The sheer scale of the crimes Jeffrey Epstein has allegedly committed staggers the imagination. Yet Epstein, who was arrested in New York on Sunday on charges of sexual trafficking of minors, was not an individual miscreant, a lone Humbert Humbert who transgressed against widely shared social norms. As someone who has enjoyed the friendship of the rich and powerful all his adult life, Epstein is emblematic of a much wider problem: a system of elite impunity that extends to even the worst crimes.
The Miami Herald reports that in 2005 when police in Palm Beach, Florida, first started interviewing Michelle Licata, a teen who said she’d been sexually abused by the multimillionaire hedge fund investor, they designated her “Jane Doe” to protect her identity since she was then a minor. The newspaper added, “There would be many Jane Does to follow: Jane Doe No. 3, Jane Doe No. 4, Jane Does 5, 6, 7, 8—and as the years went by—Jane Does 102 and 103.”
Behind the protective anonymity of the Jane Doe appellation, each of those girls had a real name, a family, and a story. In the totality of their testimonies, the girls offered strikingly consistent accounts about being lured while they were underage into Epstein’s mansion with the promise of easy money for giving a massage. After the massage, many of these girls claimed, they were sexually assaulted.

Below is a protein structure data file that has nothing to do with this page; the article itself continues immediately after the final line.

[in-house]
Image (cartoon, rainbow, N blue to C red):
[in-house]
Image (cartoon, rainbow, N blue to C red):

Despite these often horrifying accounts, Epstein was given a sweetheart deal in 2008 by federal prosecutor Alexander Acosta, who now serves as secretary of labor in the Trump administration. Under the non-prosecution agreement reached by Acosta and Epstein’s high-powered attorneys (a team that included Alan Dershowitz and Ken Starr), the FBI probe into Epstein was effectively closed, and Epstein received a 13-month sentence, served in the Palm Beach County Jail, where he stayed in a private wing. During this jail sentence, he received a permit to go to his office for up to 12 hours a day.
Few convicted sex offenders enjoy such a cushy confinement. In fact, the Palm Beach sheriff’s department has rules that forbid granting sex offenders the privileges Epstein received.
After serving the sentence, Epstein continued to benefit from the solicitude of the criminal justice system. In New York State in 2011, the office of District Attorney Cy Vance tried to downgrade Epstein from being a Level 3 sex offender (the highest risk) to a Level 1. Shooting down this motion, New York State Supreme Court Judge Ruth Pickholz said, “I have to tell you, I’m a little overwhelmed because I have never seen a prosecutor’s office do anything like this. I have done so many [sex offender registration hearings] much less troubling than this one where the [prosecutor] would never make a downward argument like this.’’